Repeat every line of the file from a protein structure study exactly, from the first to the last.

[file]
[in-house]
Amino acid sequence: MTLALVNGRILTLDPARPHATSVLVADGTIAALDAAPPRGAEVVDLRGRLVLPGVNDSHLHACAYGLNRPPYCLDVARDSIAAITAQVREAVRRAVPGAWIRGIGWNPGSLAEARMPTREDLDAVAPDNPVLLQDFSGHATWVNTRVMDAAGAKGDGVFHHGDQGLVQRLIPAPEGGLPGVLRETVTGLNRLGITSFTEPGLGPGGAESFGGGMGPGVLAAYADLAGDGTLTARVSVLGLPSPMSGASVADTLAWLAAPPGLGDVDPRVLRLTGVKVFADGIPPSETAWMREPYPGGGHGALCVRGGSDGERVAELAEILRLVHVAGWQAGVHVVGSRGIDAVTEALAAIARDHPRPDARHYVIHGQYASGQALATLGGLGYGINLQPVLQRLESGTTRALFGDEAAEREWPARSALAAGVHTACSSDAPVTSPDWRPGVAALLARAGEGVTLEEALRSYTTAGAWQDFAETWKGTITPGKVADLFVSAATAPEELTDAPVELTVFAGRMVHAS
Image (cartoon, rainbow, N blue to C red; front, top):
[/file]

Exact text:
[in-house]
Amino acid sequence: MTLALVNGRILTLDPARPHATSVLVADGTIAALDAAPPRGAEVVDLRGRLVLPGVNDSHLHACAYGLNRPPYCLDVARDSIAAITAQVREAVRRAVPGAWIRGIGWNPGSLAEARMPTREDLDAVAPDNPVLLQDFSGHATWVNTRVMDAAGAKGDGVFHHGDQGLVQRLIPAPEGGLPGVLRETVTGLNRLGITSFTEPGLGPGGAESFGGGMGPGVLAAYADLAGDGTLTARVSVLGLPSPMSGASVADTLAWLAAPPGLGDVDPRVLRLTGVKVFADGIPPSETAWMREPYPGGGHGALCVRGGSDGERVAELAEILRLVHVAGWQAGVHVVGSRGIDAVTEALAAIARDHPRPDARHYVIHGQYASGQALATLGGLGYGINLQPVLQRLESGTTRALFGDEAAEREWPARSALAAGVHTACSSDAPVTSPDWRPGVAALLARAGEGVTLEEALRSYTTAGAWQDFAETWKGTITPGKVADLFVSAATAPEELTDAPVELTVFAGRMVHAS
Image (cartoon, rainbow, N blue to C red; front, top):